Keeping Up or Getting Buried?

Posted on by Larry

I’m a member of the IMUG mailing list, which has lots of interesting discussions on media, gear, and life. This morning, Carey Dissmore, Principal of Carey Dissmore Productions, Inc. and a co-founder of the IMUG, sent out a post that I found so compelling, I wanted to share it with you. So, with Carey’s permission, here it is.

There’s nothing brand new or earth-shattering about stating that technology moves really fast in this business. It’s been true of computers and software for awhile but it’s now also true of cameras and video formats.

I’ve often stated about any piece of gear: “It will always do what it always did”, implying another cliché “If it ain’t broke don’t fix it”. But that only works in a world that is standing still, and today we’re in a world that is moving faster (and becoming more fragmented) than ever, from a technology point of view. It also only holds until something DOES break, and then you’re really screwed trying to get parts (or the high, ROI-insane cost of said repairs) for old gear.

Nowadays, it’s getting very difficult to buy a camera, much less a cell phone that is NOT high-definition. It’s also hard to find one that shoots tape. The complete transition to a high definition, tapeless world is pretty much complete, and has brought radical changes to how we all do our work–not always adding speed or efficiency. This transition has also added a whole lot of media-management responsibilities at every step of the production workflow, particularly at the front and back ends of it.

So far I haven’t said anything most of us don’t already know. But sometimes it’s just good to talk about it.

But here’s the point: There are definite sweet spots (windows in time) to own and use gear. Implying all else is sour. Perhaps that’s a little strong, but let’s explore this a bit.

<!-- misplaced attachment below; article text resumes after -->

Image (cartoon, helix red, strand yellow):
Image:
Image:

Bleeding edge/Early adopters: The pain of early adopters generally centers around infant hardware death, driver issues and software bugs. Being an early adopter can be a competitive advantage but tends to be most suited to those who are savvy enough to provide their own support–shops that are small and savvy enough to be flexible in dealing with hiccups and work around issues that arise. These are generally people who are already pushing the limits of their current technology pretty hard and need all the faster/better they can muster. Or they’re just tech geeks, or both, like me 😉

Both the single system owner and the large “sausage factory” ends of the production business can be really hurt by bleeding edge issues. What is a minor inconvenience for the folks above can be devastating. The single system owner has no alternative systems to work around the problem and the “sausage factory” mega-shop basically shuts down because the large staff of “working class” employees probably don’t have the training or the analytical & technical skills to work around issues. Result in either case: Production grinds to a halt.